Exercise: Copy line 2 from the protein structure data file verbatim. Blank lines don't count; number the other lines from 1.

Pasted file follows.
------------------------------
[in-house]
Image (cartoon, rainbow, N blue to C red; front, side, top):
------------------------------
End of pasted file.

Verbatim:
Image (cartoon, rainbow, N blue to C red; front, side, top):